He nevertheless completed his studies at Hamburg University in December 1933 with his dissertation entitled "How can the Reichstag override a referendum?” and was awarded the title of Dr. jur. Since he had no chance, as a Jew, to practice law, he opened a legal advisory service, but he hardly earned enough money to feed himself. His income improved when a Jewish grocery business hired him to handle their debt collections and he became their legal advisor. At the same time he began to work as a realtor. At first he had an office on the Reeperbahn, then moved to a smaller one in the same building in June 1935. On 1 October 1935 he moved his office to Große Burstah 23.
Heinz Braunschweiger and Gertrud L. were childhood friends. They grew up in the same neighborhood and had often played together, but later lost track of each other. Gertrud was the daughter of a ship’s captain and an "Aryan.”
In August 1927, they ran into each other at a movie theater. Their friendship developed into a love that lasted for years. Gertrud L. typed his examination paper for his first state exam for him in 1930 and his dissertation in 1933. She also did the paperwork for his debt-collecting business. They often went out, or met at one or the other of their parents’ apartments. Although Gertrud L. was engaged for a short time, and Heinz also had a relationship with another woman, they were still close when the Nuremberg Laws were declared on 15 September 1935. Braunschweiger was denounced and accused of "racial defilement.”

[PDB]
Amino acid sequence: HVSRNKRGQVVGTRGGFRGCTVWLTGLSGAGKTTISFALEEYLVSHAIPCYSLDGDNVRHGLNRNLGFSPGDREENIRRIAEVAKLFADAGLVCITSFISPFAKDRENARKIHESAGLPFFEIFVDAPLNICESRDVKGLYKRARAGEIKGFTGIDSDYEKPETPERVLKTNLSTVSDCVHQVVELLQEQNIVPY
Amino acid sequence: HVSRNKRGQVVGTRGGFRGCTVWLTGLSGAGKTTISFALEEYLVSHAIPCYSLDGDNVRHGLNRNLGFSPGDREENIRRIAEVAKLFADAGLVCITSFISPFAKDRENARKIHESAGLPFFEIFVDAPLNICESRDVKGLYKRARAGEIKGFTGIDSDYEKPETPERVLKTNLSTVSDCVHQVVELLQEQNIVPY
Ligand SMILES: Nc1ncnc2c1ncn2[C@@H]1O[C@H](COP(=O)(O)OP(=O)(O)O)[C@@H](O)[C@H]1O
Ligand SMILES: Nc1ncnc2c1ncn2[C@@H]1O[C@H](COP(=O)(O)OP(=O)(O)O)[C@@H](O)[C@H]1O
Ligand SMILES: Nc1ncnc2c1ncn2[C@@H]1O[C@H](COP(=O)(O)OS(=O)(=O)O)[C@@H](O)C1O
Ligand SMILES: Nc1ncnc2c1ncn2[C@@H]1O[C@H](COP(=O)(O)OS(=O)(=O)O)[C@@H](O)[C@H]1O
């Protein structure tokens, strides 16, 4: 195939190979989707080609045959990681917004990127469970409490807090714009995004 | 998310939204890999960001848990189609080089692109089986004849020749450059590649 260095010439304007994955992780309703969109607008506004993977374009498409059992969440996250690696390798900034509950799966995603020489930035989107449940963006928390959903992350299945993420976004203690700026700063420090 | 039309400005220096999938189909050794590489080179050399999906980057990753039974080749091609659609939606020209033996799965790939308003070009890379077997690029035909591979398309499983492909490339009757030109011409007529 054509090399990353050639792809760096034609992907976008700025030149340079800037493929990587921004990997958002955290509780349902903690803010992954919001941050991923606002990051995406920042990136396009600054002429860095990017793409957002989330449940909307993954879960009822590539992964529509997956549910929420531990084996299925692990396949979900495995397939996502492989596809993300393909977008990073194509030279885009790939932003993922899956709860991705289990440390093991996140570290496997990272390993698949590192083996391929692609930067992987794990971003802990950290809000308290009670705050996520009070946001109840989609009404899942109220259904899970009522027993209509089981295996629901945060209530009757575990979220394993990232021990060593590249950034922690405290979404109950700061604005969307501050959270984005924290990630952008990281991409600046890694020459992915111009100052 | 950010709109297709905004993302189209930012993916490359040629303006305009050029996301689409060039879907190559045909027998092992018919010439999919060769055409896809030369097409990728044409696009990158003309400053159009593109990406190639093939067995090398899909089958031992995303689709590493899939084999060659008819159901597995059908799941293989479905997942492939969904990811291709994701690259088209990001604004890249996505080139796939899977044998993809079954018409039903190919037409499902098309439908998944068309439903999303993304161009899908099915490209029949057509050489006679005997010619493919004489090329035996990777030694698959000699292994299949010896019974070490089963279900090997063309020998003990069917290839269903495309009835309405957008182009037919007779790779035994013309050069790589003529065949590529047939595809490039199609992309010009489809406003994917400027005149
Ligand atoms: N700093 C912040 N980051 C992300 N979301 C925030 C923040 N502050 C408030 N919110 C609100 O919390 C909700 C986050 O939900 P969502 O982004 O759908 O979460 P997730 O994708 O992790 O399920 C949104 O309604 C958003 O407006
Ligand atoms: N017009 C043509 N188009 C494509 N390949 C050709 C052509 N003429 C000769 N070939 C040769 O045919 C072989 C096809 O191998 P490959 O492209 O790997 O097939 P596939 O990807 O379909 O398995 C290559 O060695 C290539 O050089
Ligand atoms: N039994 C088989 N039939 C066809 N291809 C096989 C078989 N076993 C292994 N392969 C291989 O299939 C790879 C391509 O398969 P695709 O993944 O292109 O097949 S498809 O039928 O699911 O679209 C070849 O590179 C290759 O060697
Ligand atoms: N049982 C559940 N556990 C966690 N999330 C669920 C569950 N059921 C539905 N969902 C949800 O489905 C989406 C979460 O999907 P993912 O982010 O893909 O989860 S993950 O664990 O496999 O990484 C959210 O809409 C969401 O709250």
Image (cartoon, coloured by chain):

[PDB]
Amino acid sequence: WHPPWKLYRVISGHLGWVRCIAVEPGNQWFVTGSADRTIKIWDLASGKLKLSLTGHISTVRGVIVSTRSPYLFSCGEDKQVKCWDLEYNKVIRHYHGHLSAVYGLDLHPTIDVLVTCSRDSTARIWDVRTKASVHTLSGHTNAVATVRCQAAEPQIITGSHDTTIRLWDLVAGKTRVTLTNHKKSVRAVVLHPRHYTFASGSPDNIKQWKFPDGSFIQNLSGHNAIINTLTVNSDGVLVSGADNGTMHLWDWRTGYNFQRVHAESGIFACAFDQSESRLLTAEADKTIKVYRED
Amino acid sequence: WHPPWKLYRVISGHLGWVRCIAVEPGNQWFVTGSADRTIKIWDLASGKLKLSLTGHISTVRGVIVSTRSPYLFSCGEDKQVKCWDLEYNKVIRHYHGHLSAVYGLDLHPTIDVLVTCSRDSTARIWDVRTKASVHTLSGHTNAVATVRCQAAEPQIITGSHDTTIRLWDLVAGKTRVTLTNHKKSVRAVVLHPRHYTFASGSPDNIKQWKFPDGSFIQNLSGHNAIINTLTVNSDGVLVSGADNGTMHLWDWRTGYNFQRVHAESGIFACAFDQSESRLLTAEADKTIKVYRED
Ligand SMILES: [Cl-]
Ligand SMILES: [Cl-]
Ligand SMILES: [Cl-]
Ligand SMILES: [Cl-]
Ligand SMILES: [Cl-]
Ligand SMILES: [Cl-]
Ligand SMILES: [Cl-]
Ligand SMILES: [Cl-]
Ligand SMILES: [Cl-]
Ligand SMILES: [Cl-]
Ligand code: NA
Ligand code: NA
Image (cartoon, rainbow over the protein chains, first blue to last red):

Although both of them testified that they had only met once after the laws had been declared, and that they were now nothing more than friends, Heinz Braunschweiger, who had been in pretrial detention since 9 December 1937, was sentenced to a year in prison on 8 June 1938. The pronouncement stated: "A prison sentence seems to be adequate in such a clearly transitional case as this. The sentence should, however, not be set too low. Firstly for general reasons: experience has shown that only severe sentences serve as an effective deterrent for racial defilement. Further, for reasons having to do with the accused himself. Neither in preliminary proceedings nor in the trial was he prepared to offer an open and honest confession of his crime, but rather he attempted, with all manner of sophistry and prevarications, to elude his just punishment…”